Are you worried about getting cavities? Here, we’ll give you the lowdown on all things tooth decay, including the biggest risk factors for cavities.
What Is a Cavity?
A cavity is tooth decay caused by bacteria that produces enamel destroying acid. When the bacteria and acid reach the next layer of the tooth, the dentin, tooth decay begins to develop. While you may think of cavities as dark spots or holes that you can see in your teeth, cavities are often not really detectable or visible by sight alone. Cavities won’t really start to hurt until they have progressed to a severe degree.
What Causes Cavities?
The bad bacteria in your mouth builds up on teeth in a sticky clear film called plaque that is most prone to form between your teeth, near your gum line, around dental fillings or bridgework, and in the grooves and pits in the teeth in the back of your mouth. This plaque buildup is also due to lots of starches and sugars that are leftover from the food you’ve eaten. If you’re not cleaning your teeth well, the food particles are left on your teeth and bacteria feed on them to form plaque. Plaque that is not removed can also harden into tartar, which is much harder to remove than plaque. The acids in the plaque then weaken your enamel by removing minerals so that tiny holes open up in the enamel. As tooth decay progresses, the bacteria and acid move through your dentin to the inner tooth pulp, causing more severe cavities and pain.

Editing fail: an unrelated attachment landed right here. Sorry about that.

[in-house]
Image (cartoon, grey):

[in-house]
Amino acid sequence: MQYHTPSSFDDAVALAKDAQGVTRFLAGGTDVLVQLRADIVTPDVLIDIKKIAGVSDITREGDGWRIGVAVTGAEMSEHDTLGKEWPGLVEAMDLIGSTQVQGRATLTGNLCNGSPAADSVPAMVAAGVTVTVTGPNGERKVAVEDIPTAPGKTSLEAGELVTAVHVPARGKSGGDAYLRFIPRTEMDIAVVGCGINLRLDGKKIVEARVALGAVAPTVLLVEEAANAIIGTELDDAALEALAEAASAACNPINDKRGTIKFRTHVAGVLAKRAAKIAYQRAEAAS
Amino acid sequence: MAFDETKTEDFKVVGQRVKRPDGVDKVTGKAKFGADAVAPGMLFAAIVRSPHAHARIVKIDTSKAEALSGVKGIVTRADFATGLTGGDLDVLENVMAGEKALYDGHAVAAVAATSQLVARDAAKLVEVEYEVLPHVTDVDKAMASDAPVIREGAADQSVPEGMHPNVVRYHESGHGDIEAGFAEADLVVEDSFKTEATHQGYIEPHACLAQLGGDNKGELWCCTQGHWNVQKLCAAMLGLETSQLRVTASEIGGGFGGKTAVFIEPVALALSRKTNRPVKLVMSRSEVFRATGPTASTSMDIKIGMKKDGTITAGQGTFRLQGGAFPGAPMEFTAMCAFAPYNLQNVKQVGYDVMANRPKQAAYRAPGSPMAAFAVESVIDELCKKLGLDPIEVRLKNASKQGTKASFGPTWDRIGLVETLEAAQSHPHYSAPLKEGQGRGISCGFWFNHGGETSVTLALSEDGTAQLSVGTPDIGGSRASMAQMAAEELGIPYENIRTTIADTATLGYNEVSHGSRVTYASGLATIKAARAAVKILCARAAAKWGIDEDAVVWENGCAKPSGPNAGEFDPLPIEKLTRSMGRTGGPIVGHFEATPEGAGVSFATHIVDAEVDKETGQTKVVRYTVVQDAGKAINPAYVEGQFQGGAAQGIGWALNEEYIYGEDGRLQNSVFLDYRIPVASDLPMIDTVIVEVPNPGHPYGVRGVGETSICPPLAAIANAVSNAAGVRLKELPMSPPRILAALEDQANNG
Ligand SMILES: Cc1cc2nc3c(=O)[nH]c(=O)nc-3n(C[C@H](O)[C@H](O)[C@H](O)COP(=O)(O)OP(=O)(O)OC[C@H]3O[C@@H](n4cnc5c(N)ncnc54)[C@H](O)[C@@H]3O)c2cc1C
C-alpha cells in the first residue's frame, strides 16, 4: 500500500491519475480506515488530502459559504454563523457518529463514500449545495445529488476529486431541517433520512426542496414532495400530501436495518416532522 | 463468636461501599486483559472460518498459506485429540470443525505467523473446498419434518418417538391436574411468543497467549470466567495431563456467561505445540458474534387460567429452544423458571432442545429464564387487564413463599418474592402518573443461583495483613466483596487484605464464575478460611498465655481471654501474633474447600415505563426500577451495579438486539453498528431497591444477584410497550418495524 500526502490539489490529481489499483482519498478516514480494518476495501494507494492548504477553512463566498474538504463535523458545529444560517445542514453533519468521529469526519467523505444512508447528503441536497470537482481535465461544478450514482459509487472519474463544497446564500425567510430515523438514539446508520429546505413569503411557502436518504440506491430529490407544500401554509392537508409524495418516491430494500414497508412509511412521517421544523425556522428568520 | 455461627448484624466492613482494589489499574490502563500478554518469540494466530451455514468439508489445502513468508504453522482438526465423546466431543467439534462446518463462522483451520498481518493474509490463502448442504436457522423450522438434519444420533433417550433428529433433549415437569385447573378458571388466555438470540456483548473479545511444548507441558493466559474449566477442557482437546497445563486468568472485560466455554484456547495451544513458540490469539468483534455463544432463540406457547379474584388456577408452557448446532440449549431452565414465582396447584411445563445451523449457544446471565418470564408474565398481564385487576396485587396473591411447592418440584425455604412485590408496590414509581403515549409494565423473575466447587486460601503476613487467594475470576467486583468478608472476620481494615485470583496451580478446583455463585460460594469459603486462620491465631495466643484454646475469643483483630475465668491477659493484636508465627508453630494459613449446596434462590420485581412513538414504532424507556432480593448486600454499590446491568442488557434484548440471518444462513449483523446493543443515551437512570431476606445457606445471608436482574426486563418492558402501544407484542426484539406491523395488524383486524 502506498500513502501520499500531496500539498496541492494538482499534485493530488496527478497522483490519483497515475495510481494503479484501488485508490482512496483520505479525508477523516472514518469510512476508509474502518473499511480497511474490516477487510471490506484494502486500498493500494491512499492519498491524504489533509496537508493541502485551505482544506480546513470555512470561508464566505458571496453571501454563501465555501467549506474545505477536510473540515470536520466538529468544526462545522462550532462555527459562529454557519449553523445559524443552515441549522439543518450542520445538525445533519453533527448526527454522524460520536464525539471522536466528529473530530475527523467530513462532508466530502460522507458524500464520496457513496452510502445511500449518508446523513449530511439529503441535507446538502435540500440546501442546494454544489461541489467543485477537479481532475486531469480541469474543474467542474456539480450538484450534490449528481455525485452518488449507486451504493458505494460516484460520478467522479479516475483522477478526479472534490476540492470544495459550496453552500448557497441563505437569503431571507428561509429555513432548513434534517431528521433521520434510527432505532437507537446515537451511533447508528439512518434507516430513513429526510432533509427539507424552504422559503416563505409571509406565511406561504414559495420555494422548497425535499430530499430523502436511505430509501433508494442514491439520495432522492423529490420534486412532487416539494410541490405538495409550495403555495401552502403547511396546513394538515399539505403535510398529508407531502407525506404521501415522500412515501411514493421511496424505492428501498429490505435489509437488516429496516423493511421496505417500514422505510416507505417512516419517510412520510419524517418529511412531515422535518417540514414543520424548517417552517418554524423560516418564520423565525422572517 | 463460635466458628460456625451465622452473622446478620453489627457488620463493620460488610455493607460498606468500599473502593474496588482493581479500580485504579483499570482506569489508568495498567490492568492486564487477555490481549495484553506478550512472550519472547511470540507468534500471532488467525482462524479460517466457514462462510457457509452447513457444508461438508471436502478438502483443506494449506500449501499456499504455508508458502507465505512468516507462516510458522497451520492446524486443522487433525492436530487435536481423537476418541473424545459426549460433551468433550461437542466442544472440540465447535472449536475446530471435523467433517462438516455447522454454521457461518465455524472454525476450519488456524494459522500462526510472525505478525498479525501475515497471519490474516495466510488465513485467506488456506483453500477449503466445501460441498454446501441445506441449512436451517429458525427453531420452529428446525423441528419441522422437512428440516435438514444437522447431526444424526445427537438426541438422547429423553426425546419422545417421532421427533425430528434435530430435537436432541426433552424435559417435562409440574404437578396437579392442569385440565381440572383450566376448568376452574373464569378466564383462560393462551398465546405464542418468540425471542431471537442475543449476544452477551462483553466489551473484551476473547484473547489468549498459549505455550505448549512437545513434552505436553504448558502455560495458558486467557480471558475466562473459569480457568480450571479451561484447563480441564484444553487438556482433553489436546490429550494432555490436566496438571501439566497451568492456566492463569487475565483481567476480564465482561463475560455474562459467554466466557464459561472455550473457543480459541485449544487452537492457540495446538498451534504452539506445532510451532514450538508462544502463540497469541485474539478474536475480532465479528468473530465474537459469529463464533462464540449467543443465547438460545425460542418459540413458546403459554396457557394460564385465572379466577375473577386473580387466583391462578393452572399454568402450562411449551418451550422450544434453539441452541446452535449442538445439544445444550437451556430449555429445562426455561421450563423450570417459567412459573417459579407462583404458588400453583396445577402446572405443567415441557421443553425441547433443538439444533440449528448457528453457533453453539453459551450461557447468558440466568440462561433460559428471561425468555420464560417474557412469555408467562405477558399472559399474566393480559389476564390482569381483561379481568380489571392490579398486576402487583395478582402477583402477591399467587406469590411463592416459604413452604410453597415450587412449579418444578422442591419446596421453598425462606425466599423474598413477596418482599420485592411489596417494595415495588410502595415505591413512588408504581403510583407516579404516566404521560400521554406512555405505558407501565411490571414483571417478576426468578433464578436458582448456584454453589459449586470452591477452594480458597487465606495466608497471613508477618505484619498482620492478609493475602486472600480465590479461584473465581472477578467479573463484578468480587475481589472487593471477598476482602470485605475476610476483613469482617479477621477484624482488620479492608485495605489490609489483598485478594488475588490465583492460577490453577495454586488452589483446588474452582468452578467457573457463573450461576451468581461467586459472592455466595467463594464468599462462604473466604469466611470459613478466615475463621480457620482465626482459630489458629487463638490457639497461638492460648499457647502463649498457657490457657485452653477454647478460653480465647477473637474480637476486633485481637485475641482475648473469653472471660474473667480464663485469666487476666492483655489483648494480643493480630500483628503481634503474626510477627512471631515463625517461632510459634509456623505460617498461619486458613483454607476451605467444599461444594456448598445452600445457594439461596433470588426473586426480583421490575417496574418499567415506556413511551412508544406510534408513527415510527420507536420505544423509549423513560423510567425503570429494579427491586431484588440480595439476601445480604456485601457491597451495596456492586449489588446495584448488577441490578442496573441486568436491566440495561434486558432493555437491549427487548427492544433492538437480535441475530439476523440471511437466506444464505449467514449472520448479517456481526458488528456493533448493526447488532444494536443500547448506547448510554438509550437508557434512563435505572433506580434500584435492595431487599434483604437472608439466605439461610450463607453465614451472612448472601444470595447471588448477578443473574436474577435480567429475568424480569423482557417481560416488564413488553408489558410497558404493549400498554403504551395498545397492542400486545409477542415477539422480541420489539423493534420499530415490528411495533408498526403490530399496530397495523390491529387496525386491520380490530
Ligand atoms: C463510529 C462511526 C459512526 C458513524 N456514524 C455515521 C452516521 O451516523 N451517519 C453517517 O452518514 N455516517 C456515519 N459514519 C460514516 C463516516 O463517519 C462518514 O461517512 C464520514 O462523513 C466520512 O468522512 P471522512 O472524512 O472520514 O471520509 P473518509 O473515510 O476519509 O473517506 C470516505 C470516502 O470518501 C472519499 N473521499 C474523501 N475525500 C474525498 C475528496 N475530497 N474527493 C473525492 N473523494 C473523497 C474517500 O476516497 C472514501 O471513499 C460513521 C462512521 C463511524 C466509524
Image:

What Are the Biggest Risk Factors for Cavities?
There are a number of risk factors for cavities that increase your risk of getting tooth decay. Some of the biggest risk factors include a diet high in sugar and carbs, if you have a lot of pits and grooves in your back teeth, a frequent snacking habit, poor brushing, lack of fluoride, age (older people are more prone to cavities), if you are pregnant, if you feed your infant at night, worn fillings or dental devices, eating disorders, dry mouth, and even heartburn.
How Do You Prevent Cavities?
One of the best ways to prevent cavities is by practicing good oral health care everyday which includes brushing your teeth twice a day for two minutes each time, flossing at least once a day, and brushing your teeth with fluoride toothpaste. You should also eat a diet low in sugar and carbs and high in fiber, vitamins, and minerals. Drink lots of water to wash away any food particles and avoid snacking. Talk to your dentist to ensure that you’re getting enough fluoride, as well.
Another vital part of preventing cavities is to see your dentist for regular cleanings and checkups, so give us a call today to schedule an appointment!Contact Us